Rainy-Day SEO: Third-Party Business Profile Optimization

Welcome back to our series on Rainy-Day SEO (otherwise known as the initiatives you can always work on if/while you’re waiting for roadblocks to clear on high-priority projects).


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As mentioned in our intro to Rainy-Day SEO, there’s a good-sized list of activities that should be part of any good holistic organic strategy – and don’t need a lot of two-way communication for you to jump in.

For today’s post, we’ll talk about third-party business profile optimization – how to do it and the role it serves for your brand or client.


What are third-party business profiles?

Presumably, you all have a Google My Business profile (right?). That’s the most universal example of a third-party profile, which essentially means a profile of your business that’s hosted by another company or site.

Other common examples of these: G2, Capterra, the Better Business Bureau, Clutch, Yelp, etc. In most cases, you can pay for enhanced profiles (and more prominent placements in search listings on those platforms), but even organic profile optimization is important to do.


Here’s an example from the Better Business Bureau:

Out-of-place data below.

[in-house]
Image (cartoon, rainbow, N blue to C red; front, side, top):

busines listing example from the Better Business Bureau


What do third-party business profiles do for your brand?

There are two big benefits of having a built-out business profile on a respected third-party site:

  1. Visibility on the platforms used by your consumer base so they can find accurate information about you that carries the clout of the third-party site.

  2. Another option for the search engines to show a broad and accurate representation of your business, which increases your chance of ranking for core product or service-related queries. Well-established sites like G2 can be hugely impactful in hogging SERP real estate and drawing engagement for your brand:

3rd party business tools


What are some optimization best practices for third-party business profiles?

Most of these make it very easy to fill out – there’s no rocket science required. The first order of business is making sure you know the top 3-5 third-party sites that are relevant to your type of business; once you have your list, make sure you’re building and/or claiming the profile for your brand.

As noted, many of these profiles have the option to pay for more premium features and higher list placements. It’s completely above board to get a rep on the hook to answer questions if you have any on the organic listings – you’ll generally find them helpful because building a relationship with you makes it more likely to sell you on their platform in the future.

In just about every line of work, it’s easy to get stalled by a lack of feedback – from clients, managers, teammates, etc. Maybe your main contact is on vacation and can’t answer; maybe someone’s working on a relative emergency that takes precedence over your questions.

In SEO, whether you’re working in-house or for an agency, there’s never an excuse to sit on your hands while you wait for communication from another party. Even if you’re waiting anxiously to hear about an ultra-important, super-secret set of keywords to prioritize in your organic optimization efforts, there’s a long list of initiatives you can tackle in the meantime.



Check out the next edition of our Rainy-Day SEO series on link-building here!


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